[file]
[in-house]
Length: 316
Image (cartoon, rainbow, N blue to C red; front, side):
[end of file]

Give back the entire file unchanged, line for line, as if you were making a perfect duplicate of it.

[in-house]
Length: 316
Image (cartoon, rainbow, N blue to C red; front, side):